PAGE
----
Ok, after a great start, then a very long frustrating time fighting this KHub inconsistancy, I was so hoping to watch some TV.. Low and behold, it works! The picture quality was great, as good as any other receiver I have seen (this was a NON-HD TV). The online channel menu (EPG) was good, I liked it.. but it only had 1.5 hours of channel descriptions.. Assuming this will be fixed in further factory software upgrades.. The remote was good, buttons and functions easy to find and use. I'd like to see another USB port on the back of the KBox for an external PVR. I did notice when channel surfing (flicking between channels) had a slight lag compared to my my rented satelite receiver (wife complained about it being sluggish, and being impatient, hit the buttom a number of times, opps bad idea).. But picture quality was good. Everybody was pleased.

    This satelite receiver in the end did it job (although for no good reason, it still loses it static IP at various times!), picture quality is good. Now those questions at the beginning.. Are satelite receivers up to the same standards we apply to those residential internet routers in terms of ease of setup, support and quality? At this time, no, satelite receivers have come a long way, but they still need to learn a few more lessons.. Just like the days of the early broadband routers and modems, configuration and setup should be easy enough for your grandmother to complete without having to call for support. Also, you cannot sell devices that are this quirky. Any manufacturer who can't get a handle on IP basics (first 2 levels of the OSI model) really has a problem.. KBox does look promising, but they need to sit back, take a look at their KHub and make it idiot-proof, no quirks, no reverting to default settings, and no losing of portions of the config.. If they can conquer the bugs, add a USB port for an external PVR, yes this KBox could challenge the market leaders with its new IP based updates.. If in the next 6 to 12 months KBox cannot overcome these bugs, then expect the other satelite receivers to build IP connectivity into their receivers and KBox will become a flash in the pan.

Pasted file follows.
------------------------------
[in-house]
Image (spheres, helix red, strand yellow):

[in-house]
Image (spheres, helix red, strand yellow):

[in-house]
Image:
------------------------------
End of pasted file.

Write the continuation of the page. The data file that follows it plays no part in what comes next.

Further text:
Mark Breakdown:

    Category: Comments:

    Performance: Picture quality was great, EPG (channel menu) needs a bit more work.

    Supportability: Not as much support as I would like.. On the forums, mostly snooty responces making you feel like it's your problem.. Also the manuals were well done.. 7/15
    Ease of Use/Configuration: KBox Prodigy was a breeze to configure! I loved it.. KHub was a nightmare..

    Compatibility: If you can't work on an ethernet based IP network, then you have compatibility problems. Compatibility with satelites was great though..

    Features: On paper, this receiver has a lot of useful features, newer IP based design, easy to nagivate menu's, all features users look for!

    Personal: I want to love this receiver, I love the idea of an IP converged world. The KBox has potential but it is to quirky for even me to continually fight with. I cannot imagine an average person trying to get a KBox stable...

    Overall: Tons of potential.. next 6 months will determine if KBox is a flash in the pan or can they fix their bugs and enter the ring with the market leader satelite receiver manufacturers... 64/100